We all get angry from time to time. Anger is a normal, healthy emotion that allows us to face threats and defend ourselves. Without anger, we probably wouldn’t be able to survive. But can someone be too angry?
Some people are indeed more prone to getting angry than others. They get angry more easily and more intensely. Being angry, however, doesn’t always involve screaming loudly or visibly acting out. People also express anger more silently, leading to chronic irritability, social withdrawal, and sometimes, physical illness.
Psychologists explain that those who are more easily angered have a low tolerance for frustration. This could partly be due to an irritable temperament – and they are easily bothered even as babies. Environmental factors also play a role. Typically, people who are easily angered come from families that are more disruptive and aren’t as skilled at emotional communication.
Regardless of the cause, too much anger can lead to many negative consequences. For example, it can lead to inappropriate actions at the workplace that can get you fired. Excessive anger can hurt your personal relationships. It can lead to domestic violence, where an overly angry person can hurt or even kill their partner.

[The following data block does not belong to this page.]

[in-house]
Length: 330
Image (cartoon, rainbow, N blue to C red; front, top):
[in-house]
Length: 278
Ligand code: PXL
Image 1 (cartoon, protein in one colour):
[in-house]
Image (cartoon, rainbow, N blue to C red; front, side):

Some believe that “letting it all out” is the best way to deal with anger. Unfortunately, many use this idea to justify their aggression. While it is healthier to express your anger rather than to keep it bottled inside, an aggressive tendency actually encourages more anger and further aggression. Expressing your feelings in an assertive manner that still shows respect for others is the healthiest way to deal with anger.
We can’t do anything about many of the things that trigger our anger. There will always be something, someone, who just gets to us. We can, however, control the way we react to things. Here are some tips from the American Psychological Association on managing anger:
Relaxation techniques – deep breathing, meditation, yoga, relaxing imagery
Cognitive restructuring – change the way you think about a situation (For example, the next time someone cuts you in line, tell yourself that it’s ok to be frustrated, but that it’s not the end of the world.)
Better communication – try to listen to what the other person is saying before jumping to conclusions, think before saying impulsive things, speak in a respectful manner
Humor – use “silly humor,” not harsh, sarcastic humor, to help see your feelings from a different perspective (For example, if think of your coworker as a “scumbag,” imagine a bag of “scum” working at a desk.)
If you feel that your anger is out of control, consider anger management counseling. There are many effective techniques that you can use on a daily basis to make your life, as well as the lives of those around you, much more calm and pleasant.
By Juhee Lee
Anger Management Institute of Texas is a certified Anderson & Anderson provider.
Anger Management Classes available 7 days a week in Houston, Texas.
Gregory A. Kyles, M.A., LPC, CEAP, CAMF
Director, Anger Management Institute of Texas
Diplomate, President of Texas Chapter
American Association of Anger Management Providers